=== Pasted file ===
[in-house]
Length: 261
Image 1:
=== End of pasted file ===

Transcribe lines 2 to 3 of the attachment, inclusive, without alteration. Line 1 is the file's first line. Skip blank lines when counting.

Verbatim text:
Length: 261
Image 1: